All in the game
Old, new find a place
The new, fan-friendly Tiger Woods played a lot like the old one in his return to competitive golf Thursday at the Masters Tournament.
Tom Watson, revived by a spirited run in last July's British Open, could say the same thing.
But Fred Couples, who missed the cut in his past two appearances here and has a back that could go out at any minute, trumped them all.
Couples, a Champions Tour rookie, shot 6-under-par 66 while Watson had 67, as did Phil Mickelson, Y.E. Yang, K.J. Choi and Lee Westwood in one of the most memorable first rounds in years.
And Woods, who hadn't played a competitive round since November, shot 68, matching the score he shot in last year's final round, when he finished tied for sixth.
Also at 68 were Anthony Kim, Nick Watney, Ian Poulter and Ricky Barnes.
For Couples, the 1992 Masters champion, the 66 was the best round of his 26-year career at Augusta National Golf Club, which was there for the taking Thursday, with most of the tees moved up and the pins accessible.
Couples, 50, and the 60-year-old Watson proved Augusta National can still be a course for older men. And they weren't the only seniors to star. Champions Tour players and former Masters champions Sandy Lyle, 69, and Bernhard Langer, 71, also broke par.
"For me to be 6under and he (Watson) to be 5under, it's a great start for the older guys," Couples said. "I know Sandy Lyle played well, someone said, and so did Langer. It's course knowledge."
Couples challenged in the 2006 Masters, losing to Phil Mickelson. Had he won, Couples would have been the oldest Masters champ, passing 46-year-old Jack Nicklaus for the record.
Now Couples, who plays in tennis shoes without socks because of his tender back, is once again leading the Masters.
"To win Augusta at age 50 would be a pipe dream," Couples said. "Can I still win? Of course. It would be a nice dream, that's for sure, but I've got a lot of golf left to even think about being in contention. We'll see what happens tomorrow and Saturday and Sunday."
Woods, who played a practice round with Couples on Monday, wasn't surprised that his friend shot 66.
"He played just like that (on Monday)," Woods said. "I said if it was a tournament round, he would be in the top five. That was just on a Monday."
"Winning breeds winning," Woods said, referring to Couples' three Champions Tour wins this season. "Winning breeds a lot of confidence, and whether you win on a minitour, regular tour, senior tour, it doesn't matter. Wins just give you a lot of confidence if you can get it done. And you can see Freddie is just exuding that.''
Couples is enjoying his new life on the Champions Tour. Before his wins there this year, his last victory had been the 2003 Houston Open.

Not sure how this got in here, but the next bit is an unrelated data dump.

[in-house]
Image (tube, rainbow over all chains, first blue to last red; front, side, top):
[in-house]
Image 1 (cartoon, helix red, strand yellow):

"I think my time has gone being on the regular tour," Couples said. "I think today was a great, great day."
He said his play Thursday was a carryover from how he's been doing on the 50-and-over circuit, especially his driving and putting.
"There's a little bit, something in the air, that I feel like I'm going to play well out there," Couples said of the seniors tour.
As riveting as Couples and Watson were, Woods kept the attention focused squarely on his play, and not his off-the-course misdeeds.
Playing like he never left, the 34-year-old Woods continued to win over patrons with his play and demeanor. The gallery soaked it up.
"The people, I haven't heard them cheer this loud in all my years here," Woods said. "It was incredible."
Woods showed little rust in his return to competitive golf, making three birdies and two eagles in his 68, his lowest first-round at the Masters by two shots. It could have been better, but he had 31 putts.
"Mentally, you have to get in the right spot and really take it (practice) seriously," said Woods, who'd never had two eagles in a round at Augusta National. "I didn't have the luxury of playing events coming into this tournament; other players did. My practice sessions had to be more intense than usual."
As had been the case during the practice rounds, Woods continued to interact with the gallery, giving two waves and a tip of the cap before he even reached the first green. His behavior had been a sore point with Watson, who said publicly that Woods should be more respectful of the game. On Thursday, the two-time champion bested Woods, despite its not being a vintage performance.
Watson missed five greens in a row on the back nine but saved par on all of them, keeping his round alive with his putter (24 putts). He didn't make a bogey.
The 67 tied Watson's best round in the Masters. Watson hasn't made the cut here since 2002,
"I think he's out here to win," said Watson's caddie and son, 27-year-old Michael Watson. "He's not out here to make the cut. He hasn't been that successful lately at the Masters and I think he wants to prove to himself and others that he may be able to make a run out here."
"My goal," Tom Watson said, "is to play better than I have in the past five or six years. And I achieved that in the first round."
"There are three more days and we're here to see if he can win this tournament," Michael Watson said.
And what does Tom Watson think of his chances for a third green jacket?
"I give myself a decent chance," he said.
Watson's under-par round was one of 31 Thursday, and 16 of those were under 70.
However, the scoring conditions could be tougher today; the forecast calls for a northwest wind, the toughest wind to play the course because Nos. 1, 13 and 15 play into the wind.
Reach David Westin at (706) 823-3224 or email@example.com.